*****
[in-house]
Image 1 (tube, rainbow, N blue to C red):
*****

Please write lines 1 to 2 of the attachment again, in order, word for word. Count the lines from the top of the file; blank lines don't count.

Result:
[in-house]
Image 1 (tube, rainbow, N blue to C red):